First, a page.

Sep 03
Clinton Presidential Center

Kumpuris Lecture featuring The Honorable Ruth Bader Ginsburg

6:30 p.m. | Verizon Arena | North Little Rock, AR
The Clinton Foundation and Clinton School of Public Service are pleased to announce the next Frank and Kula Kumpuris Distinguished Lecture featuring The Honorable Ruth Bader Ginsburg. 
Join us September 3 as Justice Ginsburg discusses her quarter century on the nation’s highest bench and historic legal career prior to being nominated by President Bill Clinton to serve as the second female Associate Justice of the Supreme Court. 

Kumpuris Lecture featuring The Honorable Ruth Bader Ginsburg
Tuesday, September 3, 2019 | 6:30 p.m.
Verizon Arena | 1 Verizon Arena Way | North Little Rock, AR

This program is FREE, but reservations are required. Please note: This event has reached capacity. You may click here to register for the waitlist.

PLEASE NOTE: Because of the overwhelming response, the location for the Kumpuris Lecture featuring the Honorable Ruth Bader Ginsburg has been moved to Verizon Arena in North Little Rock. This venue change will allow for additional RSVPs to be accepted from the waitlist. Despite the venue change, the event remains at capacity with a waitlist. In the following days, those on the waitlist will begin receiving emails to confirm their seat

Ruth Bader Ginsburg, Associate Justice of the Supreme Court of the United States, was born in Brooklyn, New York, March 15, 1933. She married Martin D. Ginsburg in 1954, and has a daughter, Jane, and a son, James. She received her B.A. from Cornell University, attended Harvard Law School, and received her LL.B. from Columbia Law School.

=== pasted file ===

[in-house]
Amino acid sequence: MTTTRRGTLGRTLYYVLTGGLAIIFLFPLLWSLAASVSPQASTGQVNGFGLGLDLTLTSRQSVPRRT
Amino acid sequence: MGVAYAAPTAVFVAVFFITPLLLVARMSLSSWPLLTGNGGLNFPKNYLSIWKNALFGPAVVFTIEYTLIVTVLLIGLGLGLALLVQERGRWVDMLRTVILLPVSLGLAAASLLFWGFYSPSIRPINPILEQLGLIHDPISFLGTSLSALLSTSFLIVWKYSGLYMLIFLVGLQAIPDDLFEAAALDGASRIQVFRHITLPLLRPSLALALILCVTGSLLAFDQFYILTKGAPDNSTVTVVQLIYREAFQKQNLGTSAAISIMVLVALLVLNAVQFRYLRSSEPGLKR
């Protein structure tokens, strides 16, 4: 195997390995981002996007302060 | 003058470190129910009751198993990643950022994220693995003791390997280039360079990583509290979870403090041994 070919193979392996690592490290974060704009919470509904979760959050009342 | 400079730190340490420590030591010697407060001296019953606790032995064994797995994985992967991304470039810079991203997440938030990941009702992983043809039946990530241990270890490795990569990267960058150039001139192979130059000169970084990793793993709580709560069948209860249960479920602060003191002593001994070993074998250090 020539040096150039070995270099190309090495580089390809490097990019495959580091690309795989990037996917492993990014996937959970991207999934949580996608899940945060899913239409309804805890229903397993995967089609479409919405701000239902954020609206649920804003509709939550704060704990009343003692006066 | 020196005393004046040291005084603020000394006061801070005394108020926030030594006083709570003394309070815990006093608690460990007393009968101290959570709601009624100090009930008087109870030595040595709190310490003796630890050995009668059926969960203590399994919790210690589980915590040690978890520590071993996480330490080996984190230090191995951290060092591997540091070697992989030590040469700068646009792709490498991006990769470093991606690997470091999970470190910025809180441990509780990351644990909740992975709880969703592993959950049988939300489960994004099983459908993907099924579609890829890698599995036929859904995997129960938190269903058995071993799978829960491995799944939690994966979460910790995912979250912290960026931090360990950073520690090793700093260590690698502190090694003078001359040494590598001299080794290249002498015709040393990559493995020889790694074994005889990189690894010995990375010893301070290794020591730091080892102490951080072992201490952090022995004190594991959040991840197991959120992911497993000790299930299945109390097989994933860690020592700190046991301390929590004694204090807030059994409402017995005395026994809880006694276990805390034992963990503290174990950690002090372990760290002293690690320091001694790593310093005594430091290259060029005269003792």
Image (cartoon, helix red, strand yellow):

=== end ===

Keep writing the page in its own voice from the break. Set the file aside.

She served as a law clerk to the Honorable Edmund L. Palmieri, Judge of the United States District Court for the Southern District of New York, from 1959–1961. From 1961–1963, she was a research associate and then associate director of the Columbia Law School Project on International Procedure. She was a Professor of Law at Rutgers University School of Law from 1963–1972, and Columbia Law School from 1972–1980, and a fellow at the Center for Advanced Study in the Behavioral Sciences in Stanford, California from 1977–1978. In 1971, she co-founded the Women’s Rights Project of the American Civil Liberties Union, and served as the ACLU’s General Counsel from 1973–1980, and on the National Board of Directors from 1974–1980. She served on the Board and Executive Committee of the American Bar Foundation from 1979-1989, on the Board of Editors of the American Bar Association Journal from 1972-1978, and on the Council of the American Law Institute from 1978-1993.
She was appointed a Judge of the United States Court of Appeals for the District of Columbia Circuit in 1980. President Bill Clinton nominated her as an Associate Justice of the Supreme Court. After receiving unanimous confirmation from the United States Senate, she took her seat August 10, 1993.